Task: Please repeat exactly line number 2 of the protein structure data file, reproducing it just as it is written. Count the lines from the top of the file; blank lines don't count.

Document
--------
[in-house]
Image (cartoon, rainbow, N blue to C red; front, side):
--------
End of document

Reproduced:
Image (cartoon, rainbow, N blue to C red; front, side):